The Boston Globe Share to FacebookShare to Twitter (2/10, Levenson) reports that President Trump’s order banning travel from seven predominantly Muslim countries has “ensnared a highly educated community of Iranian scholars, researchers, and professionals who, over the last century of immigration, have risen to the top echelons of Boston’s academic, healthcare, and high-tech institutions.” The article says these individuals are “the kinds of immigrants the politicians of both parties generally say they want to encourage,” and mostly came to the US legally and will “ultimately work in science, engineering, and mathematics, fields that are integral to the economic health of the country.” The article says that concerns within this community over Trump’s order raise “the specter of an exodus from some of the states leading universities and medical centers.”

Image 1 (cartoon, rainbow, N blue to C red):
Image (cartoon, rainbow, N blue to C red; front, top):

National Trend Grows From Tennessee’s Free Community College Program.

The Tennessean Share to FacebookShare to Twitter (2/9) reports that Tennessee Gov. Bill Haslam likes to say that the state’s Tennessee Promise college scholarship program “changed the conversation parents and children have about going to college.” However, “it’s conversations in statehouses around the country that are changing, placing the Volunteer State at the center of a national movement.” The piece reports that when the program was launched in 2014, Tennessee was the only state in the union to have a program offering free tuition to community college students. Several states have since adopted or pursued similar programs. The Tennessean adds that President Obama touted the program as a national model during the 2015 visit and that Sen. Bernie Sanders also praised the program on the campaign trail last year.